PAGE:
This exercise in “patriotic” energy policy might appear at best senseless, since it is hard currency that Russian financial system desperately needs and every obstacle to its inflow is counter-productive (Forbes.ru, April 1). Putin’s economic posturing may have made little difference for the actual volume and value of gas export, but it is not harmless for Russian energy interests (Izvestiya, March 31). The attempt to formulate demands to gas importers in the same language of ultimatums that was used in the diplomatic offensive against NATO last December is duly registered in the EU agencies (Kommersant, March 31).

This bureaucracy never moves fast, but its plans for reducing the dependency upon Russian energy supplies have gained new urgency and receive new funding, as the threat of Moscow’s decision to cut the deliveries is now assessed in practical terms (Meduza.io, April 1). The Baltic states have reported an interruption in the flow of Russian gas, and Lithuania became the first European state to stop completely this import (Interfax, April 2). Germany is taking direct measures against Gazprom, which is forced to sell its stakes in energy infrastructure and gas storages (RIA-Novosti, April 1).

The severing of the long-established energy ties is going to be difficult and costly for Europe, but it would signify a full-scale disaster for Russia, which cannot hope to find other customers for its gas (SibReal.org, March 30). Russian energy sector is critically dependent upon technologies and services provided by such Western investors as ExxonMobil or Haliburton, and their departure from multiple joint ventures in exploration and extraction amounts to “shock surgery”, which will degrade the most productive assets for many years to come (Nezavisimaya gazeta, March 28).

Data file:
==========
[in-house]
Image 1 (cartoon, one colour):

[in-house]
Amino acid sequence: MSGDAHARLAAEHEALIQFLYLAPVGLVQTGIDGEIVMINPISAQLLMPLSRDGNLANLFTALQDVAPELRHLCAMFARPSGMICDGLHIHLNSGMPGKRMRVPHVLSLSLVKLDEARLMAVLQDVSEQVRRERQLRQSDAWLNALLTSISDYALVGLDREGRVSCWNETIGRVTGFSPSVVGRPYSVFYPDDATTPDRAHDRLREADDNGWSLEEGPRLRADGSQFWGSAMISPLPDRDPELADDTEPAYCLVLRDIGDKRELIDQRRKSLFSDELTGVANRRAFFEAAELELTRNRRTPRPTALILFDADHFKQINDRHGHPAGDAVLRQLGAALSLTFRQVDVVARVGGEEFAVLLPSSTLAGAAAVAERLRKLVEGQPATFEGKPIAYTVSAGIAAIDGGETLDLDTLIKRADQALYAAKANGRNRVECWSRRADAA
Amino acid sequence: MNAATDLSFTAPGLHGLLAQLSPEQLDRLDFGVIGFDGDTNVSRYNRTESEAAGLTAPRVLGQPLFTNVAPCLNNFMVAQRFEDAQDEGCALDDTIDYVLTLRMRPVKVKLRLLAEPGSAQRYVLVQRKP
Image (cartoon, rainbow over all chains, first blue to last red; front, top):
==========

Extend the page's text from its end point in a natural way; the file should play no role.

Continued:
Putin’s only answer to this curtailing of Russia’s status as “energy super-power” is granting more tax cuts to and cancelling environmental regulations for state corporations, but the methods that failed to sustain the Soviet oil-and-gas industry are not going to work any better in the era of “green transition” (The Insider, April 1).

The volume of volatility in the global energy markets caused by the Ukraine war is significant, but generally less shocking than Moscow expected, and Putin’s expectations that the spike in gas prices would undercut European solidarity are disappointed (Republic.ru, April 1).